Laos recruits a Japanese startup for a study on digital currency

TOKYO – Laos will explore issuing its own digital currency with the support of a Japanese fintech startup that has been implicated in a similar effort by Cambodia, Nikkei has learned.

The study by the central bank of Laos and Tokyo-based Soramitsu will begin this month.

The initiative marks Laos’ attempt to expand the reach of its currency, the kip, as a digital Chinese yuan emerges as a potentially powerful presence in the Southeast Asian country with close economic ties to China.

The Bank of the Lao People’s Democratic Republic recently signed a memorandum of understanding with the Japan International Cooperation Agency on the study of the development of a central bank digital currency.

A digital version of the kip would allow policymakers to better collect the data needed to take the pulse of the economy, such as the amount of money in circulation.

Laos has hired Soramitsu, one of several startups applying blockchain – the decentralized ledger technology behind Bitcoin – to fund. Soramitsu helped develop Cambodia’s Bakong digital payment system, an attempt to ease the country’s dependence on the dollar.

The Japanese company will undertake the Laos study, which will assess the role of banks and other intermediaries and the country’s financial inclusion needs, among other areas. If Laos decides to issue a digital currency, Soramitsu could play a role in its development.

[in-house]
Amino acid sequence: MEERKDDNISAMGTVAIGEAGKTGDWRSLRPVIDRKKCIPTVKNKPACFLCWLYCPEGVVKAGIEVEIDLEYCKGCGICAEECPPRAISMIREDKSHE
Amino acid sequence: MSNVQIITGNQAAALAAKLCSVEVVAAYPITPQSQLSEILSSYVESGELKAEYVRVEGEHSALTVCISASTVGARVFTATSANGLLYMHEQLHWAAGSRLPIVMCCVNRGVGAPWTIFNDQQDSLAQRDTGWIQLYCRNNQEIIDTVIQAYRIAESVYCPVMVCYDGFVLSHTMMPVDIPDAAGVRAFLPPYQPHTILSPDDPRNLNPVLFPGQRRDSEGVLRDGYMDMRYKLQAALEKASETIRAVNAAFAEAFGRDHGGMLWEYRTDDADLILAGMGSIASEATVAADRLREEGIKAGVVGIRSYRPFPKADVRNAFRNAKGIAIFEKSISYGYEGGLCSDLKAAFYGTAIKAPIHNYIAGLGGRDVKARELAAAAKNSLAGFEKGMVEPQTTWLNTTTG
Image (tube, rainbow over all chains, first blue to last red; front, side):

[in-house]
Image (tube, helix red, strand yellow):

Landlocked Laos, which includes hydropower and minerals as its main exports, counts China as its second largest trading partner, after Thailand, according to World Bank data.

In Cambodia, the Bakong app has exceeded 200,000 downloads since its debut in October 2020 and can be used in around 2,000 stores. Soramitsu and other fintech players are looking to further extend the reach of the digital payment platform.

Elsewhere in Asia, Bhutan said in September that it was teaming up with U.S. blockchain player Ripple on a digital currency pilot project.

The measures come as China prepares to launch a digital version of its currency as early as next year.

While the digital yuan is likely to be a force only within China’s borders in the early stages, Beijing should seek to give it international reach sooner or later. The People’s Bank of China, the country’s central bank, has already announced that it will consider testing cross-border payments in digital yuan.

The US dollar has long been the primary currency, officially or unofficially, in many emerging market economies in Asia. But since the global financial crisis, Asian countries with high levels of trade with China have become more concerned about the stability of their currencies in yuan terms. Digital currencies issued by central banks are seen by some as a way to curb excessive inflows of yuan.

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